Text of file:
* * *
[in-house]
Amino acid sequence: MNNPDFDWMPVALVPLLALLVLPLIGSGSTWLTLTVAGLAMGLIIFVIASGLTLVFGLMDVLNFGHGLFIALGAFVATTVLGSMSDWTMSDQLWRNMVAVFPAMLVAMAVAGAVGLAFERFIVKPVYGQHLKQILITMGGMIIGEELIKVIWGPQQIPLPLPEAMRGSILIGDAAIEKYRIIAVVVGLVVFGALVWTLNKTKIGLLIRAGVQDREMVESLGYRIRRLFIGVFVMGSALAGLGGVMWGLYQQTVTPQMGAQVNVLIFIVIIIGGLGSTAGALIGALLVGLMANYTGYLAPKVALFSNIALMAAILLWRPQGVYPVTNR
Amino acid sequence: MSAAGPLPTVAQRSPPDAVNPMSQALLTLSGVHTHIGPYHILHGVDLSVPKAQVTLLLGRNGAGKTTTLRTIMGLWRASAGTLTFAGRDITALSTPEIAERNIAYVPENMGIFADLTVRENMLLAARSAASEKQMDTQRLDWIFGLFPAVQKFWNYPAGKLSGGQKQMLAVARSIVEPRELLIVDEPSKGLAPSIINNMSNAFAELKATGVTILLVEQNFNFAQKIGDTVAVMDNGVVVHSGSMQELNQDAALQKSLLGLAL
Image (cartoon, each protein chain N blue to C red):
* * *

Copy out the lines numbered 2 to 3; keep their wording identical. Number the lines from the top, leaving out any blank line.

Amino acid sequence: MNNPDFDWMPVALVPLLALLVLPLIGSGSTWLTLTVAGLAMGLIIFVIASGLTLVFGLMDVLNFGHGLFIALGAFVATTVLGSMSDWTMSDQLWRNMVAVFPAMLVAMAVAGAVGLAFERFIVKPVYGQHLKQILITMGGMIIGEELIKVIWGPQQIPLPLPEAMRGSILIGDAAIEKYRIIAVVVGLVVFGALVWTLNKTKIGLLIRAGVQDREMVESLGYRIRRLFIGVFVMGSALAGLGGVMWGLYQQTVTPQMGAQVNVLIFIVIIIGGLGSTAGALIGALLVGLMANYTGYLAPKVALFSNIALMAAILLWRPQGVYPVTNR
Amino acid sequence: MSAAGPLPTVAQRSPPDAVNPMSQALLTLSGVHTHIGPYHILHGVDLSVPKAQVTLLLGRNGAGKTTTLRTIMGLWRASAGTLTFAGRDITALSTPEIAERNIAYVPENMGIFADLTVRENMLLAARSAASEKQMDTQRLDWIFGLFPAVQKFWNYPAGKLSGGQKQMLAVARSIVEPRELLIVDEPSKGLAPSIINNMSNAFAELKATGVTILLVEQNFNFAQKIGDTVAVMDNGVVVHSGSMQELNQDAALQKSLLGLAL